COLONIAL – In America this style dominated from the earliest settlements to the Revolution of 1776. Here as elsewhere it represents styles that are rooted in mother countries but adapted to the materials and uses of the colonies, primarily Africa, India, the Americas, and the Caribbean

COTTAGE FURNITURE – A term used in the Victorian period for mass produced simplified forms, frequently painted with decorative designs; often ornamented with spool turnings.

DIRECTOIRE – Style of French furniture that spanned the end of the French Revolution and Napoleon’s conquest in 1799. It is named for the Directory government that replaced Louis XVI and called for designs of smaller scale and less ostentation along with the elimination of regal references.

ELIZABETHAN – Large furniture of severe form and style that emerged initially during the reign of Elizabeth I in England from 1558 to 1603. It was revived in the 1820s and is characterized by heavy carving as well as massive size.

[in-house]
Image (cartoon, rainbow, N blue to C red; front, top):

EMPIRE – Neoclassical style dictated by Napoleon in France between 1804 and 1815. It is based on imperial forms from Greece, Rome, and Egypt and was designed to draw parallels between Napoleon’s realm and the great ancient empires. Furniture was consciously majestic, made of rich woods and metals, and decorated with emblems, including bees, crowns, laurel leaves, mythological figures, and the letter N.

FEDERAL – American furniture style from 1780, following the Revolution, to 1830. It began by echoing and often amalgamating the neoclassical styles of such English masters as Adam, Hepplewhite, and Sheraton, and later took on influences from France. Duncan Phyfe is among its most notable craftsmen. It is refined and rectilinear, often with veneering and inlay. Brass feet and casters and brass-ring drawer and door pulls are common on casegoods.

FUNCTIONALISM – Furniture design based on use rather than on ornamentation alone.

GEORGIAN – Refers to furniture styles that evolved during the long reign of England’s three Georges, I, II, and III, from 1714 to 1795. At first it retained earlier Queen Anne forms, with an increasing use of decoration and diverse ornamentation. Popular motifs were eagles’ heads and claws, leaves, satyrs’ masks, and lions’ heads and claws.